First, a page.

Channelpedia

PubMed 11810218


Referenced in Channelpedia wiki pages of: none

Automatically associated channels: Kir1.1 , Kir2.3



Title: Functional implications of mutations in the human renal outer medullary potassium channel (ROMK2) identified in Bartter syndrome.

Authors: Patrick G J F Starremans, Annemiete W C M van der Kemp, Nine V A M Knoers, Lambertus P W J van den Heuvel, René J M Bindels

Journal, date & volume: Pflugers Arch., 2002 Jan , 443, 466-72

PubMed link: http://www.ncbi.nlm.nih.gov/pubmed/11810218


Abstract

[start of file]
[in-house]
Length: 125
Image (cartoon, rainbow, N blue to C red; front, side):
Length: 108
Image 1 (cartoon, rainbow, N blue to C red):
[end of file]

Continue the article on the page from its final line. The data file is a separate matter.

Bartter syndrome is an autosomal recessive heterogeneous renal tubular disorder affecting NaCl reabsorption in the thick ascending limb of Henle's loop (TAL). The aim of this study was to elucidate the functional implications of mutations in the predominant human ROMK isoform in TAL, hROMK2, involved in Bartter syndrome type II. cRNA of flag-tagged hROMK2 and eight mutants identified in seven non-related patients was expressed in Xenopus laevis oocytes. hROMK2 activity was measured by two-electrode voltage-clamp analysis and defined as the Ba2+ -sensitive current at a holding potential of -75 mV. The subcellular localization of hROMK2 in oocytes was studied by immunocytochemistry. Injection of 25 pg hROMK2 cRNA resulted in an inwardly rectifying Ba2+ -sensitive current of 522+/-43 nA ( n=22). The mutants could be divided into three distinct groups. First, at 25 pg injection mutants W80C, V103E and T313/350X exhibited no significant currents and could only be detected intracellularly. Upon 8 ng injection, plasma membrane presence was observed as well as currents up to 60% of wild-type current. Second, mutants V53E and V296G exhibited no Ba2+ -sensitive current, but were present in the plasma membrane at 0.1 ng and 8 ng injection levels. Third, mutants P91L and A179T were detectable on the plasma membrane (0.1 ng) and yielded currents of 98% and 80% of wild-type, respectively, at 25 pg injection. S294C yielded currents that were 45% of wild-type and were detected both on and just below the plasma membrane at 0.1 ng injection. This study has unraveled three distinct mechanisms by which mutations in hROMK2 could impair channel function in Bartter syndrome. Future experiments on kidney epithelial cell lines will have to confirm this classification, after which specific pharmacological treatments could be considered for each group of mutations.